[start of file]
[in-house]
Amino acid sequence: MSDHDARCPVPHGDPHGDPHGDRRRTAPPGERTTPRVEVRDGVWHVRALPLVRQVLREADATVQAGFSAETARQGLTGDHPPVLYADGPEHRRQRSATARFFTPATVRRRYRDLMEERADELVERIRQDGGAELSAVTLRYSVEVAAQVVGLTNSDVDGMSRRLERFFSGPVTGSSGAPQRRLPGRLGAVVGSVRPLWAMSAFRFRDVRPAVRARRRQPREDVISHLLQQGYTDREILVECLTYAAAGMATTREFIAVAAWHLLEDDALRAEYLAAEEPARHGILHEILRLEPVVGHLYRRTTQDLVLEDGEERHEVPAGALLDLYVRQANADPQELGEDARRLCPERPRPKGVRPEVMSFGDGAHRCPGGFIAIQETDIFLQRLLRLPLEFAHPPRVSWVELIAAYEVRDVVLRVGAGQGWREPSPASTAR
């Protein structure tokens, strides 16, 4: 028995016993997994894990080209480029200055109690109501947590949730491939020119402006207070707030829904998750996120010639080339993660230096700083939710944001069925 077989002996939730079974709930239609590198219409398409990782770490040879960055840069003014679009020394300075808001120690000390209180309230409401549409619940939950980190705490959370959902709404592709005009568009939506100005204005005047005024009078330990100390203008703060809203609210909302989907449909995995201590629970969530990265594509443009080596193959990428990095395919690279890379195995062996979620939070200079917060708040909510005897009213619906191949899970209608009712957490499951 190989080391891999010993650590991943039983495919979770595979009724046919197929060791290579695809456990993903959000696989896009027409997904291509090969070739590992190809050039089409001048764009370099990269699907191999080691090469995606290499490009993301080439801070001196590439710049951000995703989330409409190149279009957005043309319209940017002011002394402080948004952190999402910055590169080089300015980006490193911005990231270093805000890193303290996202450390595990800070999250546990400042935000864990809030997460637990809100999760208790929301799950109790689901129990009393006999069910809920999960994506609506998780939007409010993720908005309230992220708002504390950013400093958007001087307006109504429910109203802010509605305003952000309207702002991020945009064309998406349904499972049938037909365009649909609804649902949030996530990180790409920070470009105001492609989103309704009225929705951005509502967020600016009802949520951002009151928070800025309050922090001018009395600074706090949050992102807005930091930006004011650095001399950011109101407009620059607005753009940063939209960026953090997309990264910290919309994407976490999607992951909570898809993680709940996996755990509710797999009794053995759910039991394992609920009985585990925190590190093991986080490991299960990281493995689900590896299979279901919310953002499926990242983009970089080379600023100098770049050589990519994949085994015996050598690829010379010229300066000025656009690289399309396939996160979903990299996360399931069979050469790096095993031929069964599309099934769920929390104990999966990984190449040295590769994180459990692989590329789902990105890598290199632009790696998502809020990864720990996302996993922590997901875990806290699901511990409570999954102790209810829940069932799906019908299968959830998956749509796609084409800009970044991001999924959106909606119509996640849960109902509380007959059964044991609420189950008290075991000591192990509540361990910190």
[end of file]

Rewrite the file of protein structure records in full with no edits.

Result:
[in-house]
Amino acid sequence: MSDHDARCPVPHGDPHGDPHGDRRRTAPPGERTTPRVEVRDGVWHVRALPLVRQVLREADATVQAGFSAETARQGLTGDHPPVLYADGPEHRRQRSATARFFTPATVRRRYRDLMEERADELVERIRQDGGAELSAVTLRYSVEVAAQVVGLTNSDVDGMSRRLERFFSGPVTGSSGAPQRRLPGRLGAVVGSVRPLWAMSAFRFRDVRPAVRARRRQPREDVISHLLQQGYTDREILVECLTYAAAGMATTREFIAVAAWHLLEDDALRAEYLAAEEPARHGILHEILRLEPVVGHLYRRTTQDLVLEDGEERHEVPAGALLDLYVRQANADPQELGEDARRLCPERPRPKGVRPEVMSFGDGAHRCPGGFIAIQETDIFLQRLLRLPLEFAHPPRVSWVELIAAYEVRDVVLRVGAGQGWREPSPASTAR
């Protein structure tokens, strides 16, 4: 028995016993997994894990080209480029200055109690109501947590949730491939020119402006207070707030829904998750996120010639080339993660230096700083939710944001069925 077989002996939730079974709930239609590198219409398409990782770490040879960055840069003014679009020394300075808001120690000390209180309230409401549409619940939950980190705490959370959902709404592709005009568009939506100005204005005047005024009078330990100390203008703060809203609210909302989907449909995995201590629970969530990265594509443009080596193959990428990095395919690279890379195995062996979620939070200079917060708040909510005897009213619906191949899970209608009712957490499951 190989080391891999010993650590991943039983495919979770595979009724046919197929060791290579695809456990993903959000696989896009027409997904291509090969070739590992190809050039089409001048764009370099990269699907191999080691090469995606290499490009993301080439801070001196590439710049951000995703989330409409190149279009957005043309319209940017002011002394402080948004952190999402910055590169080089300015980006490193911005990231270093805000890193303290996202450390595990800070999250546990400042935000864990809030997460637990809100999760208790929301799950109790689901129990009393006999069910809920999960994506609506998780939007409010993720908005309230992220708002504390950013400093958007001087307006109504429910109203802010509605305003952000309207702002991020945009064309998406349904499972049938037909365009649909609804649902949030996530990180790409920070470009105001492609989103309704009225929705951005509502967020600016009802949520951002009151928070800025309050922090001018009395600074706090949050992102807005930091930006004011650095001399950011109101407009620059607005753009940063939209960026953090997309990264910290919309994407976490999607992951909570898809993680709940996996755990509710797999009794053995759910039991394992609920009985585990925190590190093991986080490991299960990281493995689900590896299979279901919310953002499926990242983009970089080379600023100098770049050589990519994949085994015996050598690829010379010229300066000025656009690289399309396939996160979903990299996360399931069979050469790096095993031929069964599309099934769920929390104990999966990984190449040295590769994180459990692989590329789902990105890598290199632009790696998502809020990864720990996302996993922590997901875990806290699901511990409570999954102790209810829940069932799906019908299968959830998956749509796609084409800009970044991001999924959106909606119509996640849960109902509380007959059964044991609420189950008290075991000591192990509540361990910190």